This is an average of the three domain scores below.
The U.S. Government received a 79 (C+) with transparency and an 83 (B) without transparency for the Maternal and Child Health (MCH) domain across all actors in 2022. Though global MCH efforts were meaningfully included in the National Strategy on Gender Equity and Equality, MCH was omitted from some whole-of-government actions as well as key agency-level actions from both the Department of State and the United States Agency for International Development (USAID). This omission reinforced the siloed nature of global health programs and did not support the implementation of integrated programming based in evidence and human rights. In most instances, agency-level actions were gender accommodating as they reinforced a gender binary and did not use inclusive language such as “pregnant and breastfeeding persons,” which excluded the experiences of all people who can become pregnant. All actors received low to moderate transparency scores for actions graded in the MCH domain. The continued lack of funding information for the Department of Health and Human Services (HHS) global MCH efforts and low scores for appropriate use of funds by USAID and the Department of State also negatively affected the overall MCH domain grade in 2022.
The White House received an 87 (B+) with transparency and an 88 (B+) without transparency in the Maternal and Child Health (MCH) domain in 2022. The White House requested adequate funding for global MCH programs within USAID, UNIFEM (now UN Women), and the United Nations Children’s Emergency Fund (UNICEF). Generally, actions graded in this domain meaningfully referenced global MCH programs, which supported the ability of global health assistance to promote SRHR in the MCH domain. The White House demonstrated a moderate level of transparency within MCH policies and a moderate level of transparency for the availability of funding information in the MCH domain.
Congress received a 94 (A) with transparency and a 96 (A+) without transparency in the Maternal and Child Health (MCH) domain in 2022. Congress appropriated adequate levels of funding for the United Nations Children’s Emergency Fund (UNICEF), UNIFEM (now UN Women), and global MCH programs implemented by the United States Agency for International Development (USAID). Congress demonstrated a moderate level of transparency with regard to actions and high transparency of funding information related to MCH globally in 2022.
The Department of State received a 36 (F) with transparency and a 43 (F) without transparency in the MCH domain in 2022. This domain grade was raised by the PEPFAR Five Year Plan, as well as the updated PrEP Ring FAQs, which were both responsive to need, based in evidence, and aligned with human rights principles. However, subsequent edits to the Five Year Plan did not promote SRHR, and were not based in evidence or responsive to need, and thus negatively impacted the MCH score. This domain grade was low because the actions did not include data or information about activities within MCH programs, which reinforced the siloed nature of global health programs, negatively affected transparency, and hindered SRHR. In the budget evaluation, the Department of State allocated MCH funds somewhat in accordance with country-level maternal mortality, which moderately promoted SRHR. Transparency was relatively low across actions but moderately high with regard to budget data in the MCH domain.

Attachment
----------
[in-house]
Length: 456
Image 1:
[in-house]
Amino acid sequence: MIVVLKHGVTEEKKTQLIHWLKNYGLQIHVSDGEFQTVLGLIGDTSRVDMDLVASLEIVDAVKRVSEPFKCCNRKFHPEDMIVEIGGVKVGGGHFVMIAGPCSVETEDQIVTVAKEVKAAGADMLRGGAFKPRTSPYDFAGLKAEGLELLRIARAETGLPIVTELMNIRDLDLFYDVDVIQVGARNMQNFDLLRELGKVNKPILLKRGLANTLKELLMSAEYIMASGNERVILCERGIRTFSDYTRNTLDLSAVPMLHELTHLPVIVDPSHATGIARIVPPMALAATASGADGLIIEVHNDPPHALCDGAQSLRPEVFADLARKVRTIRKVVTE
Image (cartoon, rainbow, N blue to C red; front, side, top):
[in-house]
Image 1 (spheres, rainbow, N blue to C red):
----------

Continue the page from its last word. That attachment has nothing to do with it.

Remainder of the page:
USAID received a 75 (C) with transparency and a 79 (C+) without transparency in the MCH domain in 2022. This domain grade was raised by efforts such as the Maternal and Child Health and Nutrition Technical Roadmap 2030, which outlined a sustainable, cross-sectoral strategy to promote global MCH that was based in evidence and responsive to need. The domain grade was decreased slightly because of the omission of MCH in the USAID Climate Strategy 2022-2030, which moderately hindered SRHR. Overall, transparency was low for many actions graded in this domain because USAID did not indicate which content was updated in 2022. USAID had a high level of transparency for funding data but did not disburse MCH funding that was responsive to need, which decreased this actor’s grade in this domain.
HHS received a 60 (D-) with transparency and a 69 (D+) without transparency in the Maternal and Child Health (MCH) domain in 2022. The Global Health Equity Strategy and the CDC Core Health Equity Science and Intervention Strategy moderately supported SRHR. The newly released HHS strategic plan for FY 2022-2026 and the General Terms and Conditions for Research and Non-Research neither promoted nor hindered SRHR in this domain because it was unclear as written whether these actions were relevant to the global MCH programs. The National Strategy for Combating Multi-Drug Resistant Tuberculosis moderately hindered SRHR as it did not mention the sex disaggregation of data despite the fact that gender is a key aspect that informs tuberculosis intervention strategies. Funding data for global MCH efforts implemented by HHS were not publicly available at the time of grading, which contributed to the low transparency grade in the MCH domain.